Rachel Treweek’s comment reminded me, then, of a point which is too often neglected in our theological disagreements: however carefully and beautifully constructed our theology may be, unless it has purchase on lived reality it will ultimately be deficient. Nowhere is this clearer than in the current fractious debates in the Church over sexuality: even the most beautifully constructed and philosophically coherent conservative theologies – Pope John Paul II’s elegant ‘Theology of the Body’ is a case in point – ultimately fall short, as they fail to account for the complex lived experiences of human beings. A ‘traditional’ view on human sexuality is impossible to maintain when confronted with the powerful witness of gay Christians, whose lives demonstrate so clearly the fruits of a deep commitment to Jesus Christ. Doing theology in isolation from lived experience is thus ultimately a form of idolatry, in which the ‘neatness’ and ‘beauty’ of one’s philosophical or ethical schema is prized over love and attentiveness to human beings.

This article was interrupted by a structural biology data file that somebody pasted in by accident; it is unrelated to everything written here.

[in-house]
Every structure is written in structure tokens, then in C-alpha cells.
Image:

To make this claim is not of course to argue that theology should simply be the slave of human ‘experience’. Lived experience cannot be the sole basis of theological enquiry; it is always brought into dialogue with the rich witness of Scripture and Christian tradition. But it must have a place. The Cambridge theologian Sarah Coakley has been particularly helpful in drawing attention to this fact: her recent volume of systematic theology, God, Sexuality and the Self, boldly proposes a théologie totale – a methodology in which systematic statements about God emerge from a rich dialogue between Scripture, tradition, culture and human experience (understood through sociological enquiry as well as through prayer). Reading Coakley’s volume, I was struck by the realisation that this is nothing new: Christian theology has always been in dialogue with people’s lives. The doctrine of the Trinity emerged for instance not primarily from intellectual enquiry, but also through the lived experience of prayer and worship. Indeed, we frequently seem to forget that the truth of the New Testament itself is conveyed not principally through written rules and propositional statements, but though conversations and encounters: most obviously, the encounters of Jesus with specific individuals recorded in the gospels, and the encounters of St Paul with emerging Christian communities, made accessible through his letters. Theological thinking ignores lived experience at its peril!